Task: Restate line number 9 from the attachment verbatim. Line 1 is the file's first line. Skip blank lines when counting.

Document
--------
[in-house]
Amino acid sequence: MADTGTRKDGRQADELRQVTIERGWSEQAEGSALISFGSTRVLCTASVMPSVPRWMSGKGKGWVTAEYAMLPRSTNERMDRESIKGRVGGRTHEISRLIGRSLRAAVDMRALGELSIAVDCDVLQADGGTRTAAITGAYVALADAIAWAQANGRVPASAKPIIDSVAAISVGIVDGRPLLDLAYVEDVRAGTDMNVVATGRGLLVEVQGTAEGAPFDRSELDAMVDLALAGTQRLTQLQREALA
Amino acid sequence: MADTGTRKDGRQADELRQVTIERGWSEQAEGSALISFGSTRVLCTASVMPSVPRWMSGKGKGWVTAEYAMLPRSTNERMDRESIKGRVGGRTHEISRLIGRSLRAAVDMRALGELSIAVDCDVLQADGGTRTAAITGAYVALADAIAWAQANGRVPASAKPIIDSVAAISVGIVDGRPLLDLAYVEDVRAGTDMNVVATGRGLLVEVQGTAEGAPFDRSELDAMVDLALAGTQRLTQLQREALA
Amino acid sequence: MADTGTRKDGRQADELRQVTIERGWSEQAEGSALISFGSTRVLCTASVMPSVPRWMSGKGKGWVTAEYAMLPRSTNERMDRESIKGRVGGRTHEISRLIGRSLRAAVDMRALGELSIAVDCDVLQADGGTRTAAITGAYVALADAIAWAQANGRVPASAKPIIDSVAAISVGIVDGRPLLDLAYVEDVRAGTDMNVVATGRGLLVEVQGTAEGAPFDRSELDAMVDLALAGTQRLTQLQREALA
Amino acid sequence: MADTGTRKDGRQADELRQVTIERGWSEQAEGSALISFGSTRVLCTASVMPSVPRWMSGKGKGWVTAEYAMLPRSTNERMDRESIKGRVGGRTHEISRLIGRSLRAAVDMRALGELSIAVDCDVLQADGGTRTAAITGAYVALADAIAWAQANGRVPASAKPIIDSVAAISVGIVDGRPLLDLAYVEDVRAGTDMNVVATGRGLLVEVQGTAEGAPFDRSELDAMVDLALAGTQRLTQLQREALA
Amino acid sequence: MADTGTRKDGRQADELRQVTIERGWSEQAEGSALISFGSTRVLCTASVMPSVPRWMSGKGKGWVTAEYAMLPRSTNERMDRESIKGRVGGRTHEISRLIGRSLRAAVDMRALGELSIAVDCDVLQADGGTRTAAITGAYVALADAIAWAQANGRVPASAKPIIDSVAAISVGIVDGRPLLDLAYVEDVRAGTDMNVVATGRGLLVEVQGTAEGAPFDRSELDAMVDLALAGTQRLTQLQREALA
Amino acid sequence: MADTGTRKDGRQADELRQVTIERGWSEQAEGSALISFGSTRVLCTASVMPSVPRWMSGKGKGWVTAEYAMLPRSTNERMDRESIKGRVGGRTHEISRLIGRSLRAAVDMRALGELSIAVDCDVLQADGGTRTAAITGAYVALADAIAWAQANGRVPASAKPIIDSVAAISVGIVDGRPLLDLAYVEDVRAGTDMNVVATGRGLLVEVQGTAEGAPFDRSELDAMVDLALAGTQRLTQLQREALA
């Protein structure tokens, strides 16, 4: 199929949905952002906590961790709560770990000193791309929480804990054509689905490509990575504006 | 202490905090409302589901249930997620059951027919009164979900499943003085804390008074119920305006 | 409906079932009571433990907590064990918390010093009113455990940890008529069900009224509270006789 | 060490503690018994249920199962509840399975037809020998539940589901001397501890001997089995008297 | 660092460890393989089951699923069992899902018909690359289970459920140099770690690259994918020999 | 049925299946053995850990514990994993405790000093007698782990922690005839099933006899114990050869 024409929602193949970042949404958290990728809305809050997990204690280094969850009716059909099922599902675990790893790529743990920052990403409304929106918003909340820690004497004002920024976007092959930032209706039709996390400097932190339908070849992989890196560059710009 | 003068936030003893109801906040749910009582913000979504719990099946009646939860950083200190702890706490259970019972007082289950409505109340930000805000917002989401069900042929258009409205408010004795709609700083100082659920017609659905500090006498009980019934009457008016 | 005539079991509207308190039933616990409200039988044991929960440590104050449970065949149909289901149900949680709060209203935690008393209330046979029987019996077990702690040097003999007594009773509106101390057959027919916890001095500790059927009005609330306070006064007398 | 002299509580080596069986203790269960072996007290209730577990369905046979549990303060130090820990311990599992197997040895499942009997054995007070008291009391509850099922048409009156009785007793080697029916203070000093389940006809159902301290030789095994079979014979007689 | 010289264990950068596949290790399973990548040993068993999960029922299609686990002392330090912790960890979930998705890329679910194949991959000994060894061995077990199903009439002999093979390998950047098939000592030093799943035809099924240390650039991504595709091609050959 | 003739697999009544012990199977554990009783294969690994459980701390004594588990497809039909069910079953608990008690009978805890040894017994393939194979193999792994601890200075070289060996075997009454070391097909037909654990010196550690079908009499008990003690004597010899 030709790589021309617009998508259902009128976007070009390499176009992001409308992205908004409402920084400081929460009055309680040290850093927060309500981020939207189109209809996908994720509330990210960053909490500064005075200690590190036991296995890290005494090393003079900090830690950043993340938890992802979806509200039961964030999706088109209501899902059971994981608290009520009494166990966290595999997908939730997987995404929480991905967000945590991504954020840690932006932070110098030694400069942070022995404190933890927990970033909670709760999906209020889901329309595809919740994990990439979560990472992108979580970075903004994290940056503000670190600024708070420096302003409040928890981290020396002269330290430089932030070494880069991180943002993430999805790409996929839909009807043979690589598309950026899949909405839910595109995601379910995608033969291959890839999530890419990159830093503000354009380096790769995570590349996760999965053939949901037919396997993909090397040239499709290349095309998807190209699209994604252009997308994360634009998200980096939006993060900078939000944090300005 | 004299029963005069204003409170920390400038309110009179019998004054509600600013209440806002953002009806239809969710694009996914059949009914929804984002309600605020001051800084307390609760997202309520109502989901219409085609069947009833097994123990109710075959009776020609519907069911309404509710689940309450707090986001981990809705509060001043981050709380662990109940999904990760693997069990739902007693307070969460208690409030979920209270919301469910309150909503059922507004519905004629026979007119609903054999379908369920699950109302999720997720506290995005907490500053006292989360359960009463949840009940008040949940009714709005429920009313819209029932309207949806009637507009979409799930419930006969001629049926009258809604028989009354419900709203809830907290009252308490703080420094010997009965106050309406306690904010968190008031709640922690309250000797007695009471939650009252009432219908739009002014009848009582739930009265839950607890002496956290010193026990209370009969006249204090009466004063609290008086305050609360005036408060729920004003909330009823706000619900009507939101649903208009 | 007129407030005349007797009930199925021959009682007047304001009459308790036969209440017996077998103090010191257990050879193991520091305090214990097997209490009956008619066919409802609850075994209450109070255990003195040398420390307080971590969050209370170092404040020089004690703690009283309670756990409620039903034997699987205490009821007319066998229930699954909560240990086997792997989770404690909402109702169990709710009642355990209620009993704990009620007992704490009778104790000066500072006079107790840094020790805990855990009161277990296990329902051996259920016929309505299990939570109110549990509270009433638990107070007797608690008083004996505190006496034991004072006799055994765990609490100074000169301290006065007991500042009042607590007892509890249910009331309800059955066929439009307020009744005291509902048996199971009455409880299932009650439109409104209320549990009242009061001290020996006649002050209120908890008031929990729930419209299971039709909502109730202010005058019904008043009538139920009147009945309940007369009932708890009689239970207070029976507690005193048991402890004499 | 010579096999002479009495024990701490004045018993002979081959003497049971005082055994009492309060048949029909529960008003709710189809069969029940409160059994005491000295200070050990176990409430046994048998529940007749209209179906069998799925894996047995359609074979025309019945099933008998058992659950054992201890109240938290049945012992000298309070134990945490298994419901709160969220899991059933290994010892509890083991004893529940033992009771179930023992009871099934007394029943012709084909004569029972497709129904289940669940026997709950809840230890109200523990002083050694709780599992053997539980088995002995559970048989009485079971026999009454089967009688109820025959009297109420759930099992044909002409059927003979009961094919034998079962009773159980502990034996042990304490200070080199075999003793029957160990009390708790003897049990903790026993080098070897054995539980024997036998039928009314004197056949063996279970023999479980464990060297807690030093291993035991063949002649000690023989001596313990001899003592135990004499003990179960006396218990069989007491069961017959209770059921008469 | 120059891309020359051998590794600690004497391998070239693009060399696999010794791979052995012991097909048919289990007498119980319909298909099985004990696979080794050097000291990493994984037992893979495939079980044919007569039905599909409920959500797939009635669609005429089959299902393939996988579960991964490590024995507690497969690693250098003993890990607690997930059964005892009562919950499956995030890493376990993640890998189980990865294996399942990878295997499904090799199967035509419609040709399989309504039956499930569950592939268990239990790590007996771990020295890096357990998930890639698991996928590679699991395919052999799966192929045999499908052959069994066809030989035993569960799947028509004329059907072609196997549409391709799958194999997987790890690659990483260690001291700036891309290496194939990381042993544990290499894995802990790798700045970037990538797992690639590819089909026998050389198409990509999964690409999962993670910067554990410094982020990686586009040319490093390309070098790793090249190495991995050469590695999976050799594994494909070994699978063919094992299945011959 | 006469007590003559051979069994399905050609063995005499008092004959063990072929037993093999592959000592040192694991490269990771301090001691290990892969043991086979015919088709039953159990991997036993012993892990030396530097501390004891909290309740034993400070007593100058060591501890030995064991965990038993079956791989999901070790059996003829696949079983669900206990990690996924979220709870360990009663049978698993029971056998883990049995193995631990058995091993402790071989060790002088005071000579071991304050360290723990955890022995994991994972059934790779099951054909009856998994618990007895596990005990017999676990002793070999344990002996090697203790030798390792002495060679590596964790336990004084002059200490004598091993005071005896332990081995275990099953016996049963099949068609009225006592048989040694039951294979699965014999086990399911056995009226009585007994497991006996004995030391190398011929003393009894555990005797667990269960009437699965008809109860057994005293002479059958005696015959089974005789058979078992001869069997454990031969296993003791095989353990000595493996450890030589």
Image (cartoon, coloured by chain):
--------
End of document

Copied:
Image (cartoon, coloured by chain):